PachinkoVast in scope, the book is a saga about four generations of a poverty-stricken Korean family that are essentially forced to live in Japan in exile.  Ethnic tensions exist between the Japanese and Koreans due to Japan's colonial rule over Korea and this tension of prejudice and racisim pervades the entire story. 

This is a  character-driven novel so well-drawn that it makes you actually care about what happens to them. The courage of the family members against so many hardships was extraordinary.  But while it is a tale of family relationships, it is also about a fascinating culture including the Japanese occupation of Korea, the existence of pachinko parlors, the underworld in Japan, the racism in Japan of Koreans and more.


only woman in room smHistorical fiction about the actress Hedy Lamar whose well-known beauty was far more than skin deep!  Born in Austria to a Jewish family, Hedy escapes to the U.S. (and an abusive, controlling husband) as WW2 heats up. While she goes on to become a famous star in the 1940’s and 1950’s, she has an idea to help the war effort.  Based on all that she gleaned from her husband’s business in arms manufacturing, she along with a co-partner, invent a secret communications system that could have kept the enemy from interfering with a ship’s torpedoes.  While the U.S. Navy did not adopt their invention until the 1960’s, their invention eventually led to the creation of Bluetooth and ultimately WiFi and the cell phone! Years later she was inducted into the National Inventors Hall of Fame in 2014 for this invention. Sometimes truth is stranger than fiction!

Great portrayal of this actress/inventor. Fast read and highly recommended reading of a little known part of history.

paragon hotelsm2The main character, Alice "Nobody," travels by train from her hometown of Harlem to Portland, Oregon in 1921 to escape from a shady character back home. As a white woman, she comes to live in the all-black Paragon Hotel .  Her world on both coasts is filled with the Mafia, prostitutes, crooked cops, the Ku Klux Klan and jazz musicians. “Nobody” eventually ingratiates herself with the locals and gets involved in a missing child case.

The author explores the issues of racism, discrimination, and the inequality of blacks that existed both in Oregon and in Harlem during the 20’s.

Richly developed characters, thought-provoking and original exciting plot with plenty of surprises!

love and ruin1Fictional historical account of the daring foreign correspondent Martha Gellhorn and her tumultuous marriage to Ernest Hemingway, his third wife. The book’s time period centers around the Spanish Civil War, the home and lives they built just outside 1930’s Havana, and their exploits in China and Europe during WWII. While Gellhorn’s independence, strong will and determination are what Hemingway was so attracted to-in the end it was also these same qualities after marriage that Hemingway saw as a betrayal and ultimately destroyed her heart.  An insightful look into a slice of Gelhorn’s life, a talented, courageous woman far ahead of her time and in her own way as accomplished as Hemingway.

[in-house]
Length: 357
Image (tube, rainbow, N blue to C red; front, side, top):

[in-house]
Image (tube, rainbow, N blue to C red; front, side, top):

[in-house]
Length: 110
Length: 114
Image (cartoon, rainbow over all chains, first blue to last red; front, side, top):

Following service in the Union army during the Civil War, Bierce became a prolific journalist, short story writer, poet, and memoirist.

Bierce’s acclaimed collection of Civil War stories, In the Midst of Life, includes the well-known and widely reprinted, “An Occurrence at Owl Creek Bridge”; while his collection of supernatural & psychological horror tales, Can Such Things Be?, remains one of the best of the genre. Second only to his contemporary Twain, Ambrose Bierce was a celebrated and acerbic wit in his own right—which is brilliantly displayed in his satirical lexicon, The Devil’s Dictionary. The book is an excellent introduction into the dark, witty and ingenious world of one of the great  satirists of America.

Later in life he returned to the Civil War in a series of memoirs, Bits of Autobiography, before mysteriously disappearing in Mexico during their revolution in 1914.

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